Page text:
How Red Bull Became The World’s Most Popular Energy Drink


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You’re groggy, underpaid, shopping for some digestible energy, and you pass a case full of “Trucker Pills”—rows of neatly packaged amphetamines with names like “No Doze” and “Exxxtreme Alert.” You wouldn’t buy them, right? Probably wouldn’t grab a bottle, head back to your desk, and take one (or two) for the long night ahead? What if they were in a Red Bull can?

Turns out everyone’s favorite cough syrup-colored energy elixir has origins in slightly shady circumstances. The late Chaleo Yoovidhya was a Thai billionaire, and founder of TC Pharmaceuticals. One of his products—and a boon for his eventual billions—was a “tonic” that was originally developed to keep factory workers and truckers awake, and productive, presumably for incredibly long shifts. Called “Krating Daeng,” basically Thai for “Red Bull,” the drink contained sugar, water, caffeine, everyone’s favorite taurine, inositol (an anxiolytic), and some B vitamins. Red Bull wasn’t developed to give Millenials wings so much as keep Thai citizens working.

So how did we get from a tonic for trucker wakefulness to the youth-oriented, cough syrup-hued extreme-sports fuel and beloved vodka mixer that gleams in refrigerated cases all over the world? The answer, as usual, is marketing. Austrian entrepreneur Dietrich Mateschitz stumbled upon Krating Daeng in his travels and took the brand global by 1997—at which point he was less interested in the “worker productivity” angle and more interested in exploiting every possible marketing euphemism that could be milked from the teat of “energy” (just think of that manipulative speech your boss gives you before he or she asks you to stay late, give 110%, be a team player, skip lunch).

Red Bull never sold a product. They still don’t. They sell an image, with lifestyle-oriented branding and social media input, and just casually make the product part of that image (to the tune a brand value of $7.2 billion dollars and 40 million Facebook fans). It’s kind of like when an adult tries to find a “cool” way to relate to their newly, terrifyingly hormonal teenage kid: the clueless dad might strut into the room, turn a chair backwards, sit down, and ask to “rap about what the haps are.” Red Bull is like the dad who lets you have a sip of his local craft beer and then says, “If you can’t find a way to be real with me, bud, no base jumping this weekend. Your call.” (And then rocks out on his guitar.)

In early days, Red Bull even took it to the streets with youth “guerilla marketing” teams. (If you’ve ever seen Role Models, just think of Sean William Scott exhorting junior high schoolers to “Taste the beast!” Basically that, but less hilarious.) Associations with extreme sports helped boost credibility: indie athletes, looking for adrenaline, keeping themselves “amped up” with Red Bull, snowboarding and hang gliding and probably—we hope—doing Parkour. Bigger alliances, with NASCAR and famous athletes and even the eventual purchase of a couple soccer teams, kept Red Bull’s energy promises squarely (and more innocently) in the bad ass “achievement” realm. Add some fully legit charitable initiatives, and a dash of Recession-era job market to pressure indebted Millenials into accepting the false promise of “work-life balance,” and a slim can of energy (plus vitamins!) seems like a boon. A blessing. A bro hug in a can.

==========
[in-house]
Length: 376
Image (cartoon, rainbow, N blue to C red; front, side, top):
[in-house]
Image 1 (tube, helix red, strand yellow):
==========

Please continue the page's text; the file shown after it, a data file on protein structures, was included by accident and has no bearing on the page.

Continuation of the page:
Red Bull Extreme Sports

Ah, and then of course there’s the alcoholic angle—one that Red Bull doesn’t actively promote, or deny. Red Bull and Vodka has been on the late night drinks scene in the U.S. since the early 2000s, even before Four Loko stumbled, a bit more honestly, into the mess. The basic idea is the caffeine in Red Bull will keep you going despite the intake of alcohol—meaning you can rock out to the Red Bull-collaboratead Skrillex “Mothership Tour” as long as you want. Truth is, the caffeine (each can contains 80 milligrams, about as much as a cup of coffee) will probably keep you from noticing if you’re too drunk, or even impaired, and too much caffeine has already been proven to aggravate heart conditions, cause heart palpitations, basically bang on your heart’s walls like a neighbor complaining about all the Skrillex you’re playing.

Question is, why is Red Bull still so dominant? It’s a question we can’t quite answer, likely because we’re all too busy trying to live the lifestyle that Red Bull sells (not necessarily base jumping, which I plan on Googling later, but being productive, achieving, and then “rewarding” myself with some irresponsible partying). Red Bull’s official site says it’s for anyone: “On the road, during lectures and study sessions, at work, while doing sports, playing video games, or going out day and night.” Energy, to keep you going, whether you like it or not.


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